Whether your blue tongue skink is a juvenile or adult, you want to provide it the right vitamins and minerals. Select a calcium carbonate supplement that is free of phosphorus or vitamin D. It’s also a great idea to select a reptile multivitamin.
You can even use the protein source as a way to get extra vitamins. Offer gut-loaded insects, which are basically insects that are fed a lot of calcium. This ensures that your blue tongue skink gets the high amount of calcium it needs. Even if you do feed gut-loaded insects, a calcium supplement is still a great choice.
Reptiles, including blue tongue skinks, don’t need as much water as us, but they still need constant access to freshwater. Place a shallow but large water bowl inside the skink’s enclosure. You may see the skink bathing inside this bowl from time to time. As a result, make sure to clean the water out frequently so that it is constantly fresh and healthy.
How Big Is a Baby Blue Tongue Skink?
Whenever blue tongue skinks are first born, they are only about four inches long. This often surprises people and causes them to buy too small of an enclosure for the adult blue tongue skink. Blue tongue skinks will grow very quickly, allowing them to go from 4 inches long to 24 inches long in a matter of a year or so.
What Size Enclosure Should a Blue Tongue Skink Be Housed In?
Because blue tongue skinks are such large lizards, it’s important to provide them a very large enclosure. At the minimum, an adult blue tongue skink should live in a 55-gallon vivarium. That being said, if you can afford a larger enclosure, that is even better.
Make sure that the enclosure you select is at least 55 gallons in size. It should also be well ventilated, able to retain heat, and have a sturdy structure. It’s important that the top be made of mesh. At the same time, it has to be sturdy enough so that it can hold the various heating and lighting elements your blue tongue skink needs.
Once you have the proper sized enclosure for your blue dung skink, you need to set it up properly as well. Begin by placing some sort of cage substrate at the bottom.
You can use butcher paper, reptile carpeting, or newspaper for an inexpensive and readily available option. You could also use reptile bark or some type of nonaromatic mulch. However, these options are very absorbent, and you will need to change them out frequently.
Make sure not to use gravel, corn cob, or sand. Blue tongue skinks may ingest these materials, which will cause gastrointestinal blockage. Don’t use moss or alfalfa pellets either because they can grow mold, fungus, and other bacteria.
Enclosure Decorations and Hides
In addition to the substrate, you want to place furniture inside the enclosure. Most importantly, place a hiding area on both heating ends of the enclosure. It’s also a good idea to provide cylindrical hiding areas, such as those made from cardboard mailing tubes or PVC pipes.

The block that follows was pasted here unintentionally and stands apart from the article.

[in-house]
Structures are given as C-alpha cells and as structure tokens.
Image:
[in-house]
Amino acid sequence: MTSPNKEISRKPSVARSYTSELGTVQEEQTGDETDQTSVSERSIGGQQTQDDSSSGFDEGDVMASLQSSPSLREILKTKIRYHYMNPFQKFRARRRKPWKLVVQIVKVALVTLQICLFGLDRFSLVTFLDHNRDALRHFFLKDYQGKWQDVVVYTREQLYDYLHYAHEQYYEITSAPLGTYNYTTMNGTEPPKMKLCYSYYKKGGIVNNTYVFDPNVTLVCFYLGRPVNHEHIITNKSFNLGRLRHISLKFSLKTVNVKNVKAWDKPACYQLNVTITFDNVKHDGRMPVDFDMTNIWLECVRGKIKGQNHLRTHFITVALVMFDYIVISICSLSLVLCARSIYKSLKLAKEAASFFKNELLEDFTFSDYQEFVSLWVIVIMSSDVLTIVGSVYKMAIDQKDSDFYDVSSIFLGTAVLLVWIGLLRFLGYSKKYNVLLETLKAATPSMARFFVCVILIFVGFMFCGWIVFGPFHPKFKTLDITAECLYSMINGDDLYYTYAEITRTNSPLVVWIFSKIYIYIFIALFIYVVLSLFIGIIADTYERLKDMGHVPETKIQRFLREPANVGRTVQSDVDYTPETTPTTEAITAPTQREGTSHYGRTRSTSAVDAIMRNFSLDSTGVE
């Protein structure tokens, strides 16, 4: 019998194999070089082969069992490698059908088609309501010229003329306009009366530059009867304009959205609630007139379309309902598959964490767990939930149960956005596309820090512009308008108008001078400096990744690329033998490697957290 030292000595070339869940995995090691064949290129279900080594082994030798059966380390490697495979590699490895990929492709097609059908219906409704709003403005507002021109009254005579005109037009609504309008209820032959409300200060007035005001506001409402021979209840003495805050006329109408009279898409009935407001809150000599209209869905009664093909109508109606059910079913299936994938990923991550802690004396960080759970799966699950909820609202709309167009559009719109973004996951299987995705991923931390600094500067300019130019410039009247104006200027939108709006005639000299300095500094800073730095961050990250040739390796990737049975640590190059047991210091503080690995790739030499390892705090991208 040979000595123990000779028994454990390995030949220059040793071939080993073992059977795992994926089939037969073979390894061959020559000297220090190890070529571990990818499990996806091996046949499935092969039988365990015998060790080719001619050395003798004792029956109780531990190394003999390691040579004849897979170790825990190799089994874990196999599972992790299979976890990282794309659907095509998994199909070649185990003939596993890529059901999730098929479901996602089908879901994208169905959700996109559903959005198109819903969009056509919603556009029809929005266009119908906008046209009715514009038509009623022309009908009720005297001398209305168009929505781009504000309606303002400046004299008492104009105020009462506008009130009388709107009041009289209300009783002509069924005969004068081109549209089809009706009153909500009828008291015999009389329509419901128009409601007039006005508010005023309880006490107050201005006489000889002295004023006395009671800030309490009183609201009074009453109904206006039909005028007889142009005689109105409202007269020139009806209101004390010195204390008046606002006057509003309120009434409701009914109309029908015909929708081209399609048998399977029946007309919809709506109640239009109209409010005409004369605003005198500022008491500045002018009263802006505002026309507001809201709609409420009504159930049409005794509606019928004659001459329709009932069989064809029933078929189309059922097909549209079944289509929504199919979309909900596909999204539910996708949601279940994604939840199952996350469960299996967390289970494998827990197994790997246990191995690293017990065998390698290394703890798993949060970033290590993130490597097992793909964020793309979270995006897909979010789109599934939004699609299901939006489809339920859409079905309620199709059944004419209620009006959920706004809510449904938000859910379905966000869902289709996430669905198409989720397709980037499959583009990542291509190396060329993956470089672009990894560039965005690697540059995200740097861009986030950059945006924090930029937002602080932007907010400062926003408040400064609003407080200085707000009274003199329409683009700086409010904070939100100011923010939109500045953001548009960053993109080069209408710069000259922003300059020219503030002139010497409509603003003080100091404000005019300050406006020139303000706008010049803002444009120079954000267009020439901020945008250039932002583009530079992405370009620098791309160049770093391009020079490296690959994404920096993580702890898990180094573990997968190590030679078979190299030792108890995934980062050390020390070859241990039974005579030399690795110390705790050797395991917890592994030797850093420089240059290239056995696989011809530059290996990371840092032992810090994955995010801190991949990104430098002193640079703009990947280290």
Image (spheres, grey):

You do not need to add any type of climbing items since blue tongue lizards aren’t natural climbers. If you want, you can place natural plant life inside the vivarium, but you will need to get a larger enclosure if you want to do this. Ponytail palms, jade plants, and snake plants are great choices.
You might be wondering if you should have more than one blue tongue skink inside the enclosure at a time. Simply put: only put one blue tongue skink inside an enclosure. These animals can be very aggressive to one another. If you want more than one blue tongue skink, you will need an entirely different vivarium.
Do Blue Tongue Skinks Get Too Big To Own As a Pet?
Based on size alone, blue tongue skinks can be a bit more difficult to own as a pet than other reptiles, but they are completely suitable as pets. As long as you have enough room for a 55-gallon vivarium, the blue tongue skink will fit in happy and healthy in your home.
However, if you do not have the area for this size vivarium, the blue tongue skink is too large to own as a pet.
Other Considerations to Keep in Mind
Remember that there are other features you need to consider before determining if a blue tongue skink is right for you. For example, you may have enough space for a blue tongue skink, but you may not have the funds to provide it the proper diet. Think about your time commitment, financial abilities, and space when determining if a blue tongue skink is a suitable pet for you to own.
In short, blue tongue skinks are a pretty big-sized lizard. Most pet blue tongue skinks can grow to be up to 24 inches long. They need a 55-gallon vivarium at the minimum. These reptiles will keep growing even if the enclosure you provide is too small. So, make sure the enclosure is large enough for an adult blue tongue skink to ensure it grows happily and healthily.
If you have the ability to provide this large lizard the vivarium and diet requirements it needs, a blue tongue skink can be a very fun, rewarding, and big pet to welcome into your home.